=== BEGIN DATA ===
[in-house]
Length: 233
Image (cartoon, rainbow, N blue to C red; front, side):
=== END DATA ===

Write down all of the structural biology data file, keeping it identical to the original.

[in-house]
Length: 233
Image (cartoon, rainbow, N blue to C red; front, side):